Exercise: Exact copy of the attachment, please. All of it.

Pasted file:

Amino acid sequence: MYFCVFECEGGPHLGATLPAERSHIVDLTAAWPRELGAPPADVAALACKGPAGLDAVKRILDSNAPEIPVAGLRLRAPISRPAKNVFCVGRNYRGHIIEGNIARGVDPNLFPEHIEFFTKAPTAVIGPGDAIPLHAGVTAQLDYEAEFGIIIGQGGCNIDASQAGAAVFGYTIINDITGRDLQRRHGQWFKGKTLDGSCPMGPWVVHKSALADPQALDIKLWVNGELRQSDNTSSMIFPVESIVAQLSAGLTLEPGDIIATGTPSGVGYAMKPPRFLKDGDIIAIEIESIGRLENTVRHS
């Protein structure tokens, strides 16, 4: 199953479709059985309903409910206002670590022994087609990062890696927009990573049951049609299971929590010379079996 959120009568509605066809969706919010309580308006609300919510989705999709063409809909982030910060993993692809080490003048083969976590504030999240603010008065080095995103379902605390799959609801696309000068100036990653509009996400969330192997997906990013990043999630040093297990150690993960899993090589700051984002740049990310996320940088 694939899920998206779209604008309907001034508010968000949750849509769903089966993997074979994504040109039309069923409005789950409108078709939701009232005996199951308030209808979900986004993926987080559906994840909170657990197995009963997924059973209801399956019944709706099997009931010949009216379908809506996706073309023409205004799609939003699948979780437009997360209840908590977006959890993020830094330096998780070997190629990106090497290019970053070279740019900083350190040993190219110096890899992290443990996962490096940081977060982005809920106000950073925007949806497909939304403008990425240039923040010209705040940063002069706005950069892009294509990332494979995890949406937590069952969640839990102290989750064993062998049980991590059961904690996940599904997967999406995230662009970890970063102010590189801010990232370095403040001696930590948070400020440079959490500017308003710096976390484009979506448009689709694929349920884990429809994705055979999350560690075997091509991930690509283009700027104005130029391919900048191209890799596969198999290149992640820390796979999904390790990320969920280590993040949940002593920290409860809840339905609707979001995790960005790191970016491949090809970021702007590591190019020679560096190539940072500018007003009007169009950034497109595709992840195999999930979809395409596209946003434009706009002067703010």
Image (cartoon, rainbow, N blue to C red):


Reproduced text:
Amino acid sequence: MYFCVFECEGGPHLGATLPAERSHIVDLTAAWPRELGAPPADVAALACKGPAGLDAVKRILDSNAPEIPVAGLRLRAPISRPAKNVFCVGRNYRGHIIEGNIARGVDPNLFPEHIEFFTKAPTAVIGPGDAIPLHAGVTAQLDYEAEFGIIIGQGGCNIDASQAGAAVFGYTIINDITGRDLQRRHGQWFKGKTLDGSCPMGPWVVHKSALADPQALDIKLWVNGELRQSDNTSSMIFPVESIVAQLSAGLTLEPGDIIATGTPSGVGYAMKPPRFLKDGDIIAIEIESIGRLENTVRHS
């Protein structure tokens, strides 16, 4: 199953479709059985309903409910206002670590022994087609990062890696927009990573049951049609299971929590010379079996 959120009568509605066809969706919010309580308006609300919510989705999709063409809909982030910060993993692809080490003048083969976590504030999240603010008065080095995103379902605390799959609801696309000068100036990653509009996400969330192997997906990013990043999630040093297990150690993960899993090589700051984002740049990310996320940088 694939899920998206779209604008309907001034508010968000949750849509769903089966993997074979994504040109039309069923409005789950409108078709939701009232005996199951308030209808979900986004993926987080559906994840909170657990197995009963997924059973209801399956019944709706099997009931010949009216379908809506996706073309023409205004799609939003699948979780437009997360209840908590977006959890993020830094330096998780070997190629990106090497290019970053070279740019900083350190040993190219110096890899992290443990996962490096940081977060982005809920106000950073925007949806497909939304403008990425240039923040010209705040940063002069706005950069892009294509990332494979995890949406937590069952969640839990102290989750064993062998049980991590059961904690996940599904997967999406995230662009970890970063102010590189801010990232370095403040001696930590948070400020440079959490500017308003710096976390484009979506448009689709694929349920884990429809994705055979999350560690075997091509991930690509283009700027104005130029391919900048191209890799596969198999290149992640820390796979999904390790990320969920280590993040949940002593920290409860809840339905609707979001995790960005790191970016491949090809970021702007590591190019020679560096190539940072500018007003009007169009950034497109595709992840195999999930979809395409596209946003434009706009002067703010």
Image (cartoon, rainbow, N blue to C red):